There are unique PQ specifications for other industries, too. Sometimes these are separate documents, and sometimes they are separate chapters in detailed equipment specifications. Several of the European Norms address PQ concerns for European power mains as well.
Troubleshooting power disturbances
There are two methods when troubleshooting power disturbances—failure forcers and monitors. You may need a combination of both to isolate and fix a problem.
To force failures, both the EFT and Surge tests are good starting points. Start at low levels and work your way up. And remember, the surge can cause damage, so don’t do surge testing on a valuable one-of-a-kind prototype.
For monitoring power at the equipment, power disturbance analyzers (PDAs) are very helpful. If you don’t own one, these can be rented and left in place for a period of time. These devices will check numerous various parameters, such as over/under voltages, outages, transients, and more. They date/time stamp the events, and even capture the waveforms for later evaluation.
One caveat with a PDA: due to the bandwidth, they may miss EFT events, so you may want to augment one with a storage oscilloscope. The bandwidth should be 100 MHz or higher.
Here are five quick power disturbance suggestions:
- Add a modular power filter at the input. If in a metal enclosure, be sure to locate directly at the power entrance, and provide a low-impedance ground connection between filter and enclosure.
- Add transient protection at the input. Install both differential mode and common mode devices. For the surge, MOVs are adequate. For the EFT, you will usually need faster silicon devices, with short connections.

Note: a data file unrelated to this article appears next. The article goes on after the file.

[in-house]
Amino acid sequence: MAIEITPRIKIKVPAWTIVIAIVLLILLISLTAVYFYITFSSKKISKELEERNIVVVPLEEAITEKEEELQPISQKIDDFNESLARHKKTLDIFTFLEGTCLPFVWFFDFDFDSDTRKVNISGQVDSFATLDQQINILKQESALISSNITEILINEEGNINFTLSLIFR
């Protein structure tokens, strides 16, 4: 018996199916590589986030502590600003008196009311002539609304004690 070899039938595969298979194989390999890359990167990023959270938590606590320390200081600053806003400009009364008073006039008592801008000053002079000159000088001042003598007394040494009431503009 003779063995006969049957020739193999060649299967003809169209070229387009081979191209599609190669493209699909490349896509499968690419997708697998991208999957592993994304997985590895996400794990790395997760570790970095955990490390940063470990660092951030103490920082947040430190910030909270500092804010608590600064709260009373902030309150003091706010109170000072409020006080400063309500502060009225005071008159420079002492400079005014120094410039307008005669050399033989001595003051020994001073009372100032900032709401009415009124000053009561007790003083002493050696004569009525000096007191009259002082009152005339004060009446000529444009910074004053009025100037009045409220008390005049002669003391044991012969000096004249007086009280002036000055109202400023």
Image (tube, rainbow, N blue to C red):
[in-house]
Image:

- If EFT upsets occur, try adding a multi-turn common-mode ferrite (3-4 turns through the core) to the input power line. Note that single-turn ferrites may not be adequate.
- If resets occur due to EFT, try adding 0.01 µF capacitors and multi-turn ferrites right at the reset circuit. Inputs are particularly vulnerable, but be sure any reset/voltage monitor devices are also well decoupled at the chip.
- If lightning damage occurs, try to assess the failure path. Consider isolation transformers and transient protectors designed to for the full lightning-surge levels.
At various times, we’ve done all of the above. Next time, we’ll start looking at some EMC shielding problems and solutions.
Also relevant to this topic:
Debugging: The 9 Indispensible Rules for Finding Even the Most Elusive Software and Hardware Problems (Chapter 5, Part 3 of 3) (and see its preceding sections, which are linked within)
About the author
Daryl Gerke, an EMI/EMC consultant since 1987, along with business partner Bill Kimmel, focuses on design and troubleshooting (not test and regulations). He and Kimmel have been chasing EMI problems for over 80 years (combined, of course.) He is a published author and columnist, and their EDN Designer's Guide to EMC (1994) is still relevant and in demand. He can be reached via http://www.emiguru.com or his other blog at http://www.jumptoconsulting.com/.